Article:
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      Under these gloomy auspices, Le Febvre de la Barre began his reign. He was an old officer who had achieved notable exploits against the English in the West Indies, but who was now to be put to a test far more severe. He made his lodging in the chateau; while his colleague, Meules, could hardly find a shelter. The buildings of the Upper Town were filled with those whom the fire had made roofless, and the intendant was obliged to content himself with a house in the neighboring woods. Here he was ill at ease, for he dreaded an Indian war and the scalping-knives of the Iroquois. [2][554] Mmoire sur le Canada (Archives Nationales).

      the party of opposition.

      colony, was the natural resort of desperadoes, offering, as we have seen, a singular contrast between the rigor of its clerical seigniors and the riotous license of the lawless crew which infested it. Dollier de Casson tells the story of an outlaw who broke prison ten or twelve times, and whom no walls, locks, or fetters could hold. A few months ago, he says, he was caught again, and put into the keeping of six or seven men, each with a good gun. They stacked their arms to play a game of cards, which their prisoner saw fit to interrupt to play a game of his own. He made a jump at the guns, took them under his arm like so many feathers, aimed at these fellows with one of them, swearing that he would kill the first who came near him, and so, falling back step by step, at last bade them good-by, and carried off all their guns. Since then he has not been caught, and is roaming the woods. Very likely he will become chief of our banditti, and make great trouble in the country when it pleases him to come back from the Dutch settlements, whither they say he is gone along with another rascal, and a French woman so depraved that she is said to have given or sold two of her children to the Indians. *It was now the end of July. More than half the summer was gone, and Quebec seemed as far 228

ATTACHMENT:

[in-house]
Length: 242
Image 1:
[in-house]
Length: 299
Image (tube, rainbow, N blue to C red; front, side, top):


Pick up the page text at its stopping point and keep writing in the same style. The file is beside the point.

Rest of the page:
families of Repentigny, Tilly, Poterie, and Aillebout appearIberville now repaired to the harbor of Biloxi, on the coast of the present State of Mississippi. Here he built a small stockade fort, where he left eighty men, under the Sieur de Sauvolle, to hold the country for Louis XIV.; and this done, he sailed for France. Thus the first foundations of Louisiana were laid in Mississippi.

      ** Discovery of the Great WestHe begs his correspondent to send out an agent of his own. "He need not be very savant, but he must be faithful, patient of labor, and fond neither of gambling, women, nor good cheer; for he will find none of these with me. Trusting in what he will write you, you may close your ears to what priests and Jesuits tell you.

      [3] Registre du Conseil Souverain.